The hot topic of Native American sovereign immunity and inter partes review (IPR) is set to be put under the microscope in a hearing by the House of Representatives’ Judiciary Committee. Although details on the hearing are scant at the moment a House Judiciary aide confirmed to IAM that Chairman Bob Goodlatte is “very interested in this topic and intends to hold a hearing”. It’s not clear when that might happen, but given the amount of attention this issue is currently receiving it seems likely to be a matter of weeks rather than months.
Since early September, when Allergan agreed a deal to transfer and then license back all Orange Book listed patents relating to its blockbuster drug Restasis to the Saint Regis Mohawk Native American tribe, the issue of using sovereign immunity to ring fence patents from the IPR process has caught the attention of the courts, Congress and the mass media. Allergan effectively paid the tribe $13.75 million to take the patents off its hands and agreed an annual royalty of up to $15 million so that it could continue to use the IP. The tribe has also done a deal with SRC Labs by which it received more than 42 assets from the small tech firm; these have since been used in infringement litigation against Amazon and Microsoft.
The transfer strategy has already attracted a fair amount of scepticism and outright criticism. In district court in East Texas, where Allergan has been embroiled in litigation with several generic pharma companies since late last year, a judge recently ruled that some of the patents in question were invalid and called into question Allergan’s deal with St Regis. “The Court has serious concerns about the legitimacy of the tactic that Allergan and the Tribe have employed,” Judge Bryson wrote in a 16th October. He went on to add: “What Allergan seeks is the right to continue to enjoy the considerable benefits of the US patent system without accepting the limits that Congress has placed on those benefits through the administrative mechanism for canceling invalid patents. If that ploy succeeds, any patentee facing IPR proceedings would presumably be able to defeat those proceedings by employing the same artifice.”
That, of course, is why the agreememt between the pharma company and the tribe is such a big deal. If sovereign immunity for native American Indian tribes does apply to the PTAB - and we are still awaiting a final ruling on this - then it drives a coach and horses through the entire system: any company that is worried about a PTAB hearing can transfer its patents to a tribe and eliminate those concerns. And as the SRC Labs example shows, defensive assignments would not be the only option: there would be no reason why tribes might not become active patent purchasers and asserters, too.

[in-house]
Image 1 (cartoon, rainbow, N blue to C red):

For example, we have recently reported on Nokia's transfer of a huge portfolio of assets to Provenance Asset Group, a special vehicle set up by the principles of Quatela Lynch McCurdy. If similar assets in future are sold to Indian tribes with sovereign immunity at the PTAB, perhaps advised by an advisory like QLM, that might well have the effect of speeding up negotiations with parties subsequently approched to take licences and increasing the value of any deals done.
It's not just judges who have expressed concerns, some legislators have also heaped scorn on the transfer strategy, with Senator Claire McCaskill of Missouri introducing a bill to clamp down on the use of sovereign immunity in this way. A group of representatives from the House Oversight and Government Committee, meanwhile, has launched a probe into the Allergan/St Regis deal.
With the involvement of the House Judiciary Committee, one of the principal drivers of IP policy on Capitol Hill, the topic isn’t about to fade from view. But perhaps the bigger picture, as committee members will surely hear from some quarters in the next few weeks, is that the steps taken by Allergan and SRC Labs are symptomatic of what many patent owners see as broader problems with the IPR process.
That may cause some to argue that the focus should not be on whether sovereign immunity can be applied, but whether changes should be made to the IPR process so that some patent owners don’t feel like the deck is stacked against them and are forced to look for novel ways of protecting their IP. With the Supreme Court due to hear arguments next month in two IPR cases, including one questioning the constitutionality of the process, the "death squads" look set to remain firmly in the spotlight.
Additional reporting by Joff Wild